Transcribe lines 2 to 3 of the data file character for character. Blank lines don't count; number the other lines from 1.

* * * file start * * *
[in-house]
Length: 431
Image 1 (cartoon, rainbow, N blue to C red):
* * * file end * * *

Length: 431
Image 1 (cartoon, rainbow, N blue to C red):